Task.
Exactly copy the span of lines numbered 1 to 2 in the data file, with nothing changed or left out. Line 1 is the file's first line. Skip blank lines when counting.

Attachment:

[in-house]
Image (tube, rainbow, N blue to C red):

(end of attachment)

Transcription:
[in-house]
Image (tube, rainbow, N blue to C red):